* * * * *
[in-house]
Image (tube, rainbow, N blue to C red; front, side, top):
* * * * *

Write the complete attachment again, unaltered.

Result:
[in-house]
Image (tube, rainbow, N blue to C red; front, side, top):